Cork and Tralee institutes of technology plan to spend part of a €70,000 branding budget to assess if they should change the name of the technological university to be created by their merger.
The legislation to formally create a TU sector has yet to be passed, but Cork Institute of Technology (CIT) and Institute of Technology Tralee (ITT) expect to apply next year to create a new entity.
It has been provisionally titled Munster Technological University since talks began five years ago and is now expected to enrol its first students in September 2019.
But the colleges first want to undertake research to assess the name’s suitability.
A budget of around €70,000 has been set aside for six months of branding work from next January or February.
The plan is to research and validate the Munster Technological University name and associated MTU abbreviation. CIT and ITT are aware, for example, of Michigan Technological University in the US, and of one of Germany’s biggest third-level colleges being the University of Munster.
If it turns out that the name “does not work”, alternative names will have to be developed, prospective tenderers for the brand identity work have been told. The project is expected to assess the impact of the name and brand, either MTU or a replacement, for international students as well as those in Ireland.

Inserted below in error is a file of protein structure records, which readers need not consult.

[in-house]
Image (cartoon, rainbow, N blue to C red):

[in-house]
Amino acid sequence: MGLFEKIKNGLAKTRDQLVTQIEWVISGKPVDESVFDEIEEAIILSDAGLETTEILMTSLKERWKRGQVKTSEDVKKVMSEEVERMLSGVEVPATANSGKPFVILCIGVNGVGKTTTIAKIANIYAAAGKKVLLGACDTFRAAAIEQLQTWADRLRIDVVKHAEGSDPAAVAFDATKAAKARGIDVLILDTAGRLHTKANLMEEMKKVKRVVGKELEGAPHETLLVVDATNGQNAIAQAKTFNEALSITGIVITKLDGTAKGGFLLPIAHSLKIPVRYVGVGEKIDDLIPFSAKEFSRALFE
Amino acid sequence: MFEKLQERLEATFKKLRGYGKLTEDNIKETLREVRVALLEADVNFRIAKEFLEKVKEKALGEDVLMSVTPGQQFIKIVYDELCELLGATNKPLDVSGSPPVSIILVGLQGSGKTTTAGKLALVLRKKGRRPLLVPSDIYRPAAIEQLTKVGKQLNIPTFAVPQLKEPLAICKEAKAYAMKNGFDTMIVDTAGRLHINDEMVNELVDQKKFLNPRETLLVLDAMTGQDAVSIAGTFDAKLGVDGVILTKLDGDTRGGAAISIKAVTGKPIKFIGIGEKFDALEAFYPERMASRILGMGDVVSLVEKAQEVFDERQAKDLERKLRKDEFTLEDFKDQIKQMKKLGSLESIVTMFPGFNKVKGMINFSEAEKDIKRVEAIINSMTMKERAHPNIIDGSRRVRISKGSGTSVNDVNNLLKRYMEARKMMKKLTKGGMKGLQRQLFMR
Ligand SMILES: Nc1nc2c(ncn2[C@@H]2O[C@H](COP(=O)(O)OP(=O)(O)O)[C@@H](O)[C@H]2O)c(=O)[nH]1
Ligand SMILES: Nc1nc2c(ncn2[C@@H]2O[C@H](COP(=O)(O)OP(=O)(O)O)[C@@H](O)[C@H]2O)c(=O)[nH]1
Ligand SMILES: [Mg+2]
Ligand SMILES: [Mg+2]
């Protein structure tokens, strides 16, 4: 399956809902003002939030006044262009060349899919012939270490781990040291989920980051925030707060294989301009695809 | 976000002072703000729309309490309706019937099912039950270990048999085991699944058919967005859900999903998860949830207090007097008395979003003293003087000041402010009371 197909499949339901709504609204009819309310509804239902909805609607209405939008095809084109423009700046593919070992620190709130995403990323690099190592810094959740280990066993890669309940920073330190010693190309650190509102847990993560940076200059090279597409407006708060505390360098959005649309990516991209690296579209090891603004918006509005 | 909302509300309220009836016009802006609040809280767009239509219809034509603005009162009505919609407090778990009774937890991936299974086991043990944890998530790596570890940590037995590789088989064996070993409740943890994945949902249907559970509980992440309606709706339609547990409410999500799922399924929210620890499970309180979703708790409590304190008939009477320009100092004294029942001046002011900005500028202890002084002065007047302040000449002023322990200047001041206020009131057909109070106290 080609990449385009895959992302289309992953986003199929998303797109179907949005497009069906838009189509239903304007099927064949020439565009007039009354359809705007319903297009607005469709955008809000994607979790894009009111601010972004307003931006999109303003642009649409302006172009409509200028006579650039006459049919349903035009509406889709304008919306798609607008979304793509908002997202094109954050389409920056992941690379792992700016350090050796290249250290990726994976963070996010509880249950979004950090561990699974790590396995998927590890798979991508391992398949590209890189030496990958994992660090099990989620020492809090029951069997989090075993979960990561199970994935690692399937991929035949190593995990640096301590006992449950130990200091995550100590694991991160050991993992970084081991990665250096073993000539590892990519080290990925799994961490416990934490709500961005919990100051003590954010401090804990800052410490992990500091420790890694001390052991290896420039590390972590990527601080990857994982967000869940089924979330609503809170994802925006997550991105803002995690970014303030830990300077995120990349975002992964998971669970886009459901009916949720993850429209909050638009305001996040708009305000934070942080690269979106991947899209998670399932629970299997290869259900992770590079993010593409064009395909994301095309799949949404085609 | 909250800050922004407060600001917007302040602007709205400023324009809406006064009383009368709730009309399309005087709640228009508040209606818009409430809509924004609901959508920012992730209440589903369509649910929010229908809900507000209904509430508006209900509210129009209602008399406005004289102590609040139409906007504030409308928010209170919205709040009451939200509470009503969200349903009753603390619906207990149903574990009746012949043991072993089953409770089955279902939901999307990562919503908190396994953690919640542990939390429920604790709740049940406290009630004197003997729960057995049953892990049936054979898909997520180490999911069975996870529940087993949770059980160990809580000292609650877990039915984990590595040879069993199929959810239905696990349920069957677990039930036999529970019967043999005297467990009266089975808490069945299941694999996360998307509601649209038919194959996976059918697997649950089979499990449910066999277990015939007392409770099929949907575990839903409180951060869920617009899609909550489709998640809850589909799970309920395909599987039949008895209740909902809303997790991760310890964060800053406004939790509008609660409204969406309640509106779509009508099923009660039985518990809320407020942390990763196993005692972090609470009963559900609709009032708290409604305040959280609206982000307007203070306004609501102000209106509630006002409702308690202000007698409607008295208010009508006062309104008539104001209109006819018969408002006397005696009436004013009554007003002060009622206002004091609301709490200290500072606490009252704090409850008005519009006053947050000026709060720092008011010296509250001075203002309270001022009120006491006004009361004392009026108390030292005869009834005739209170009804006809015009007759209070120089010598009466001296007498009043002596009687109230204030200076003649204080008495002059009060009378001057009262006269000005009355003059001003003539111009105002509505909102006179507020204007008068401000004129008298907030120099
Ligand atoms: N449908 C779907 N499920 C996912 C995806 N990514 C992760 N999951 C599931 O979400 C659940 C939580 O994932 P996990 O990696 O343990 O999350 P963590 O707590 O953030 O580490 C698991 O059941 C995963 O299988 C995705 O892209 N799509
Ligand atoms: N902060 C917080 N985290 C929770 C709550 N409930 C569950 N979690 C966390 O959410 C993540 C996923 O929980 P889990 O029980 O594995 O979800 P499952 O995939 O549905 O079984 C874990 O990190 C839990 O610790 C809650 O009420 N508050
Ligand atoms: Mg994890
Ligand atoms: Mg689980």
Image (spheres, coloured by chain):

Any associated branding, logo, and website design work are also to be developed by the firm chosen. Publicity and advertising campaigns on billboards and public transport, and promotional stands at shopping centres and elsewhere are also planned.
University College Cork and University of Limerick are identified as the main competitors for the intended technological university.
However, there is still no certainty as to when the process allowing CIT and ITT to formally apply for TU status will be available. Even if current political instability is overcome, the underpinning legislation will not be passed until next year. The Technological Universities Bill passed committee stage last Thursday but is unlikely to become law before the end of 2017.
A spokesperson for Minister of State for Higher Education Mary Mitchell O’Connor said she expects substantial progress to have been made before the Christmas recess on getting the bill through the Oireachtas.
In order to be approved to form a TU, Cork, Tralee, and any of the other intending consortia must meet a series of benchmarks set by the Higher Education Authority (HEA) in 2012. They include minimum numbers of staff with PhD qualifications, research activity, and other factors.
The HEA board expressed serious concerns about the MTU proposal in October 2014, despite its approval by an international panel to advance ot the next stage of the application process.
CIT is looking for a new president following an unsuccessful recruitment exercise earlier this year.
Its governance is under the spotlight over the recent revelation that €13,000 was spent on two retirement functions in June for outgoing president Brendan Murphy. It emerged that he personally approved most of the costs for the events, one of which featured a dolphin-shaped ice sculpture.
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